An Oxford University team will be one of only two teams* from the UK to compete in RoboCup 2008, the ‘Robot Soccer World Cup’, in Suzhou, China 14-20 July.
Whilst the long-term aim of the tournament is to produce a side of autonomous humanoid soccer players that can thrash the most recent human World Cup-winning team, right now its leagues and challenges are a showcase for new ideas in robotic hardware and software.
'The most spectacular events are the robot football games with physical robots, with the leagues split according to the size of the robots, and whether they use wheels or legs,’ said Stephen Cameron, one of the three researchers from Oxford’s Computing Laboratory attending. ‘Many of the issues being tackled here are the serious engineering problems of building robots capable of moving a ball around, whilst being reliable enough to still be operating at the end of the game!’
Away from the physical kickabouts robotics is taken to the limit in the Simulation leagues. Stephen explains: ‘These use simulated robots within computer programs to push the boundaries of robot intelligence without the constraints of what is physically possible today; the computer programs written here will find their way into the physical robots of tomorrow.’
Stephen and his research student Jie Ma will be competing in the simulated wheeled and legged robot competitions whilst another of his students, Julian de Hoog, will be collaborating with a team from the University of Amsterdam in the RoboCup Rescue competition, in which a simulated robot tries to identify and prioritise casualties within a collapsed building.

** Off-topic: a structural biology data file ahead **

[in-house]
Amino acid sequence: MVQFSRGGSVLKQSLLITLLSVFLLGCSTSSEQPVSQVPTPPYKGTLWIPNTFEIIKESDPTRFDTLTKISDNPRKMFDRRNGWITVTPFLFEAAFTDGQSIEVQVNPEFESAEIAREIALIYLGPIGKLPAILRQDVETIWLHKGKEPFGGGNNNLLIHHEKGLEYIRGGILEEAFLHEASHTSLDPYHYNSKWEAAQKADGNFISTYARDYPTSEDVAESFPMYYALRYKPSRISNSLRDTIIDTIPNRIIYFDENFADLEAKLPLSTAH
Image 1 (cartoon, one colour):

‘The simulations we use closely resemble real situations and the virtual robots are based on real robots,’ Julian tells me. ‘The long-term goal is to develop robots to crawl into spaces within a building that has collapsed, spaces that, because of the size of the hole or the poisonous gases or heat involved, wouldn’t be accessible to humans or dogs.'
Up to fifteen different models of robot exist in the RoboCup Rescue simulations: it’s up to competitors to get them to work together to perform tasks guided by the sorts of limited sensory data and communications available in a real disaster situation.
‘I specialise in developing strategies to help robots explore these environments,’ Julian explains. ‘The eventual aim is to get robots to learn on their own how best to spread out and search an unknown environment for survivors in the most efficient way.’
It’s likely be many years before real robots routinely do lifesaving work alongside humans – for one thing, we need to learn to trust our metallic friends – but within a decade expect to see some amazing rescue machines.
[* in the senior competition, good luck UK juniors!]